Is This Thing Loaded?Notable for being Disney’s first Blu-ray 3D home video release, A Christmas Carol comes configured in multiple formats, the flagship set containing a BD-3D disc, the regular high-definition BD, a standard DVD and a Digital Copy file for portable device play, which truly stretches the gamut in the ways you can view the film, from the big-screen multi-dimensional experience to a tiny thumbnail image. For those (many) of you for which 3D isn’t an option and a digital file pointless, Disney has done the right thing and also provided a lower-cost Blu-ray + DVD edition, which is what is under scrutiny here, losing only a 3D-enhanced featurette, Mr Scrooge’s Wild Ride, from the 3D disc along the way in terms of added content. On the non-3D, regular Blu-ray Disc itself (in both sets), easily the best and most welcome supplement is the feature-length Behind The Carol: The Full Motion-Capture Experience (again forgoing the over-bloated performance capture moniker) bonus. Although it shares similarities with Disney’s regular visual commentary Cine-Explore features, there’s a good reason it doesn’t use the name, since this is something slightly different, though no less interesting: the complete motion capture footage shot of all the actors for their scenes playing out in a smaller window throughout the film, with an optional commentary from Zemeckis, though why one would switch this feature on without the commentary is a mystery, since so much refers to the other. Even better, the mo-cap picture-in-picture is able to be magnified to full screen in order to look more closely at the technique, though Zemeckis’ insistence that mo-cap provides animation with more nuance than keyframe animators are able to give their characters will likely open up that heated debate all over again! However, since I loved Zemeckis’ work so much up until he started down the path to the uncanny valley, I am always intrigued as to why he continues to chase for the life-like perfection in this process (though not as intrigued as to why he can’t see the differences in his unconvincing approach versus the phenomenal work that regularly emerges from WETA Digital). As such, I was more than happy to sit in The Volume (ugh…) for the duration of the film, to see if there were any clues, but while it’s interesting to see Carrey, Hoskins and company in their mo-cap outfits running through their performances, there’s a distinct separation from the process. The footage is not particularly close to the final camera results sans the “digital make-up” that you might expect, but actual on-“set” material that shows everything that was going on during the shooting. That’s all well and good – great at times, in fact – but I’d have liked to have seen “more” of what went into the creation of those shots, such as the rehearsal beforehand, Zemeckis speaking with Carrey over creative choices, or alternate takes. Often, the picture-in-picture window offers two views of the same shot from different angles, but instead of split-screening these so as to become too small in the window, perhaps it would have been cool to pull up a second window for those moments? Certainly the fact that when we switch to the mo-cap footage full screen we lose the final CG rendered result is a shame, since it might have been nice to literally switch between them, reducing the finished film to the smaller window to keep track of both. The footage looks to have been shot in standard definition, or a lower resolution HD format, but appears to have been upscaled here and although there’s a lot of composite chroma noise, has obviously been primarily designed to play in the smaller window, though it looks as good as it needs to when blown-up, which is a nice touch. Also, a note of kudos should be relayed to the actors for all allowing themselves to be seen in their mo-cap get-ups, which aren’t flattering to say the least, and to Zemeckis for airing his point of view. Ultimately, although Behind The Carol doesn’t really bring about a new appreciation for the mo-cap technique, and even if some of his comments are questionable in their assumptions and will no-doubt infuriate some animation artists as to what he believes is achievable in pure animation as well as insisting that his preferred approach should be accepted as such an animation process – while also bemoaning the lack of credit to his live actors – there’s still the pleasure to hear the director talk about his actual filmmaking methods, when he breaks away from the mo-cap talk and speaks in terms of camera framing, staging and editing, which is the real highlight here. Adding a bit of meat to the bones of the mo-cap footage, Capturing Dickens: A Novel Retelling (bypassing the fact that Dickens’ story was a serialized novella, not a novel) takes what we have learned in the feature commentary track and gives us a potted version that general audiences will find more interesting. The pre-requisite talking heads (Zemeckis, Carrey and various cast and crew) run us through the creative process, from the faithful translation from Dickens to the motion-capture itself, though there’s precious little on anything else, such as the concept and development work (A Christmas Carol went through a full production design before Doug Chiang came aboard) or the animation cleanup. And through no fault of her own (I hope), narrator Jacquie Barnbrook has apparently been asked to pop up throughout the 15-minute featurette in an overly enthusiastic manner, presumably to bring a little life to what could be seen as a weird production process, but really she’s just annoying (maybe even obnoxious?) and not in keeping with the film or its otherwise classical approach. The Countdown To Christmas Interactive Calendar offers up some Christmas cheer by way of what the title suggests: a static screen “calendar” that, when each day in December is opened up, presents a brief simply animated “Christmas treat” video clip, anything from a few bars from a music box to a magically completed jigsaw puzzle, although one or two can be quite odd choices. I hope the producers of the disc don’t expect us all to keep inserting it every morning throughout December until Christmas Day on the 25th, so you’ll probably do what I did, which was to sample a few days beforehand. A nice touch, though, is that after each window has been opened a new decoration will adorn the street scene depicted, and don’t try to skip ahead: select a future date and Scrooge will “Bah, humbug!” you into submission, about the only link this otherwise has to the film itself. Going back to the motion-capture stage, On Set With Sammi: A Kid’s Eye View joins young Cratchit actor Sammi Hanratty for an “anything but average” day. She’s actually a nice kid and not your typical precocious Hollywood brat, and spending these brief couple of minutes with her is fun, not least because it shows a little more of the setup outside the mo-cap stage: short but sweet. A series of six Deleted Scenes are individually available or as an eight minute Play All option with an intro from Zemeckis, who explains that none of these sequences are completed. None add anything substantial from a story point of view, but what’s interesting is to see the pre-viz style early renders before the facial animation data has been added, though the actors’ faces have been inserted in and matched to their movements to give an idea of their intended performances. Lastly, a frankly bizarre advertising short, Discover Blu-ray 3D with Timon & Pumbaa, suggests it’s a new cartoon what with the opening Disney logo playing out in full, but while there does appear to be new animation featuring The Lion King’s comedic pair, it’s basically just a commercial, with a Goofy-like How To… narrator harping on about the benefits of three dimensions in the home. The animation is okay in spots, but mostly limited, and without the third dimension in place, some of the gags don’t work, and it resorts to playing out with promo clips for upcoming Disney 3D programming (including, oddly, A Christmas Carol). Ernie Sabella returns as Pumbaa but Nathan Lane was obviously too busy to come back as Timon, though it probably doesn’t matter as they’re only on screen for roughly less than half of the overall four minute runtime, which itself includes a minute and a half of logos. The standard definition DVD (the same one as being sold separately) naturally includes the main feature, as well as the same Sneak Peeks of Bambi: Diamond Edition, the upgraded Tron: Legacy and the downgraded The Sorcerer’s Apprentice along with Disney Blu-ray and others available from their own menu option. Naturally the Motion-Capture Experience and Interactive Calendar aren’t included for technical reasons (even though there’s no real reason why they couldn’t be converted, the mo-cap footage using DVD’s angle feature), and why the audio commentary hasn’t at least been pulled over is a mystery, but the two featurettes (Capturing Dickens, On Set With Sammi) do appear, as well as three Deleted Scenes and Disney’s BD and 3D commercial spots. As mentioned before, there’s no Digital Copy in this BD/DVD combo edition.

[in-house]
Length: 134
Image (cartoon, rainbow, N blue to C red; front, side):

Case Study:Despite the fact that this slimline cased set doesn’t contain all the 3D bells and whistles in the bigger four-disc set (along with the nice and Christmassy red border trim on the front), we should actually be much more pleased with this BD and DVD combo’s cover since it uses the much more evocative theatrical poster artwork of the brilliantly curmudgeonly Scrooge backlit by the full moon over the snowy streets of olde-world London, which is just about the most singular signature image any version of A Christmas Carol could ever hope for. Replicated on both the shiny slipcover and the sleeve art underneath, I’m not sure the description of the film as a “Disney classic” rings quite true, but the art does what it does in the now regular Disney-designed fashion. The disc art misses out a trick of using the moon sphere as the circle edge for the label print, also sticking to Disney’s half-and-half Blu disc design, while the DVD is as dull and gray as they come. Inserts with the Movie Rewards code and promos for Blu-ray 3D and other upcoming releases (including much nicer Fantasia 2-Movie Collection art) are included.